The Lineup


Midtown Dickens

Durham, NC

Festivals are meant to celebrate community, and it’d be difficult to find another more communally oriented act than Durham’s Midtown Dickens. The best-buds duo of Kym Register and Catherine Edgerton learned to play their particular brand of bluegrass- and country-inflected folk music with donated and recycled instruments, informing their songs with punk’s DIY spirit but conjuring their own DIT (Do It Together) aesthetic. 

Midtown Dickens recorded their promising 2007 debut, Oh Yell!, with a host of regional musicians, and settled into a quintet for the Scott Solter-produced follow-up, last year’s well-received Lanterns. The record’s homespun packaging (in three formats: LP, CD and download code) and unique artwork by Edgerton certainly represented the band’s foundations, but the community spirit went beyond even that.  When the band solicited funding help from friends, fans and fellow musicians for studio time and Solter (The Mountain Goats, John Vanderslice, Pattern Is Movement), they wound up exceeding their goal by $4,000.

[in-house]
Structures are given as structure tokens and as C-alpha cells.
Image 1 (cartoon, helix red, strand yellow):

They put that extra dosh into the recording and emerged with an album that extends the storytelling traditions of folk and country into contemporary fare more suitable for narratives that celebrate a retreat from the white noise and excess baggage of modern life. The duo also expanded their instrumental palette to embrace electric guitar, percussion, cornet, piano and such but did so without losing any of the informal feel that characterizes their sing-along gigs. Like a less tradition-obsessed Freakwater, the voices of Edgerton and Register define the band’s sound, whether keening through a piano dirge like “The Road (Part I),” brashly challenging the horns on the backporch-flavored “Old Dogs,” or close harmonizing on the love ditty “It’s Alright.” 

Lanterns is most effective celebrating the quotidian, as when Edgerton and Register paint afterglow images of bike-riding, fireworks and tea-drinking to remember “The Best Summer Ever.” These are the everyday things that people really like about their communities, and it’s why listeners have fallen under Midtown Dickens’ spell. —John Schacht